17th May 2022
By: Jalwinder Shankarwalia
We’re back with the next installation of our women in tech blog series. This time, we’re joined by Jalwinder Shankarwalia, Network Operations Centre Engineer, who shares her experience in creating opportunities and the importance of learning by doing.
Getting hands-on with technology is really exciting. I love fixing things and solving customer problems, and I’m still learning every day.
Women in technology shouldn’t accept being patronized. I was the only girl in my degree course (Computer Science, Computer Systems Networking and Telecommunications), and even the lecturers and tutors were all male. It was a bit bizarre, but it didn’t matter because everyone was so supportive.
Then I was the only female in my graduate placement, and then the only woman in the IT office at my first job. I remember being on call and driving to a store with a load of massive equipment and they’d ask, “Are you the engineer?”. I’d just go in, do my work and finish my job. It felt so good – there’s an excitement and an adrenaline rush that you get when you can fix something that no one else can. One customer asked if they could keep me! (my manager said no…).
I’m a big believer in hands-on learning, and I’d encourage other women considering a career in technology to just have a go.
I’ve always found practical learning the most useful. It wasn’t until the third year of my degree – the work experience year – that I really fell in love with technology. It was just before Y2K and I was doing backups, data checks and equipment updates for a pharmaceutical company. I spent a year in a cubby hole surrounded by laptops, and it was amazing!
Since then, I’ve changed my technical speciality a couple of times as I’ve changed roles. Each time I’ve started off knowing nothing about the new technology, but through courses, brilliant support from peers and managers, and shadowing engineers I picked it up – the real knowledge comes with hands-on experience.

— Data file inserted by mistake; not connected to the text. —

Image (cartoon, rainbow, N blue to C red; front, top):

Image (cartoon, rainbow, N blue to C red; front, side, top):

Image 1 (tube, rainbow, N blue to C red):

The beauty of being in technology is that there’s so much knowledge to gain and a real range of different areas you can go into.
I’m now a Senior Mitel Engineer working in Managed Services at Maintel. When I started out, Mitel was seen as a male-dominated specialism, but it shouldn’t be. Anybody can do the job with the right training and opportunity. Thanks to Maintel’s professional support, I attended a Mitel training course to certify me in MiVoice Business and Mitel Contact Centre, and we’re encouraged to take training days to keep up to date with any Mitel updates. With that knowledge, I was confident to start picking up faults – that’s when I really figured the product out and see what I can do with it. I’ve been here for 15 years, and still, every time I log off for the night, I’ve learned something.
Now there are more women going into technology and I think that’s a great thing. There are companies like Maintel out there that make it easy to support your family as well as your customers! As a mum, the business is very flexible about childcare, school runs and when my daughter has been ill. And as a daughter, they were very understanding when my dad was ill. It’s a really supportive atmosphere.
It’s great to see more women coming through Maintel’s apprenticeship scheme and leadership scheme. And we’ve had schools come in so children can see women in tech at work – hopefully by getting hands-on experience and realising how exciting and satisfying it can be, more girls will give it a go!
Are you looking for your next adventure or know someone who is?